- The Washington Times - Wednesday, February 29, 2012

A new coach was coming in after the 2010 season, and the industrious Michael Shakespeare was going to have a fresh start after shuttling between Maryland’s second and third midfield lines as a sophomore.

Then came a bout with Lyme disease, which cost him the chance to make an early impression on a new staff and any realistic opportunity to thrive on offense. But Shakespeare pitched in on the defensive midfield a year ago, making enough of an impression to earn a place on the Terrapins’ second midfield line as long as he remained healthy.

“I obviously took a lot more watchful eye this summer,” Shakespeare said of his annual family vacation on Nantucket.

More eyes are on him as a result. Shakespeare scored twice in Friday’s 16-11 rout of Georgetown, only the second multigoal game of his career.

The career arc probably wasn’t what he would have predicted when he was Inside Lacrosse’s No. 2-ranked midfield recruit out of Walpole, Mass., in the class of 2008. But he encountered things freshmen often do, initially struggling to adjust to the college level and earning minimal time as a result.

“You have to get used to the pace of play,” said Shakespeare, whose No. 5 Terps (2-0) play host to No. 8 Duke (3-1) on Saturday. “I think once I figured that out sophomore year, I started getting comfortable on the field in big-game situations. Ever since then, I’ve kind of fed off it.”

He scored five goals as a sophomore, all but one before the end of March. But then came the Lyme disease diagnosis - the second time he contracted the tick-borne illness that causes headaches, fever and fatigue - and the inability to get in shape as a result.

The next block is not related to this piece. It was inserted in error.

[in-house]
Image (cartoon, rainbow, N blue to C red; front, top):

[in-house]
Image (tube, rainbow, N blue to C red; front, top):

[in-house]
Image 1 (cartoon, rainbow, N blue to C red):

By the time he was fully healthy, new coach John Tillman had settled on his primary offensive midfielders. But defensive midfielder Dan Burns was injured, opening the chance for Shakespeare to earn some playing time.

“Like most middies, they’d rather play offense than defense, but [he said], ‘Whatever you need coach’ and was happy to do it,” Tillman said. “You hope most guys say that, but people don’t always say it with that much energy and that much excitement. Mike was like ‘If that’s what you need me to do, I’m happy to do it.’ I think all that experience has helped him this year.”

It was evident Friday, when he scored once from behind the cage (hardly an expected development from someone known for his outside shooting) and another time from the outside as Maryland handled its first road test of the year.

The emergence of multiple threats on the second line is significant for the Terps, who paired Shakespeare with junior Kevin Cooper and freshman Kevin Forster. Shakespeare’s placement there was thought out by Tillman, who appreciates the veteran’s understanding of the game and ability to help at both ends if necessary.

Yet it’s also a chance for Shakespeare to contribute significantly in his final year. A summer of constant work allowed him to earn an open spot on offense — or, as he jokingly described it, “the glory side of things.”

It didn’t happen immediately, though that might make the start of this season especially satisfying.

“He did come in highly touted, and he might not have gotten off to such a hot start as he wanted to in his career, but I think he’s always known that he has a very powerful shot with his right hand and he’s always stuck to his guns,” fellow midfielder David Miller said. “He’s battled through it mentally and physically. I think he’s doing great right now.”

• Patrick Stevens can be reached at pstevens@washingtontimes.com.

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